OAKLAND, Calif. Patients with diabetes who used an online patient portal to refill medications increased their medication adherence and improved their cholesterol levels, according to a new study in the journal Medical Care.
Online patient portals allow users to perform tasks such as scheduling appointments, accessing their health records, viewing their lab test results and emailing their care providers in addition to ordering prescription refills.
The study followed 17,760 patients with diabetes who received care from Kaiser Permanente in Northern California between January 2006 and December 2010.
Medication non-adherence and poorly controlled cholesterol declined by 6 percent among exclusive users compared to the occasional users or non-users of the online refill function.
In this large sample of patients with diabetes, the average age was 62, and 40 percent were non-white minorities. The patients studied had an average of more than six chronically used medications and 11 outpatient visits per year.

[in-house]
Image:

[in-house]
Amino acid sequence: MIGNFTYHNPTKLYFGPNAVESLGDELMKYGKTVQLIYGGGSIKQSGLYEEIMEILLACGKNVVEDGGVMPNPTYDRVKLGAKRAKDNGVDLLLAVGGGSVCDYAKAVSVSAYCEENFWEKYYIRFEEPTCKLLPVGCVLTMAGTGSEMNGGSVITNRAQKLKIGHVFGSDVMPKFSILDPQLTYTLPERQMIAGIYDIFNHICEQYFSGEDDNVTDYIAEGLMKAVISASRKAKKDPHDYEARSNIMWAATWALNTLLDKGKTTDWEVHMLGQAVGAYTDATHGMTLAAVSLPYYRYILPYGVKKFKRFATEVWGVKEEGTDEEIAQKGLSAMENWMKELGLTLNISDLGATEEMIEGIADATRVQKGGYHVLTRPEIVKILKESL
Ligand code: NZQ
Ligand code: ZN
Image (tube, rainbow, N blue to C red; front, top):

"Medication adherence and other health behaviors are often the hardest things for a health care system to influence," said senior author Andrew J. Karter, PhD, research scientist at the Kaiser Permanente Division of Research in Oakland, Calif. "Offering patients the option of ordering prescription refills online may create efficiencies for pharmacy operations, convenience for patients, and also improvements in adherence and health."
All patients were registered users of Kaiser Permanente's personal health record, My Health Manager, and had been prescribed cholesterol-lowering medications. The study subjects were divided into three groups based on their use of the portal to order refills of their cholesterol-lowering medications: the control group included those who never used the online refill function; "occasional users," who requested medication refills through the Kaiser Permanente patient porta
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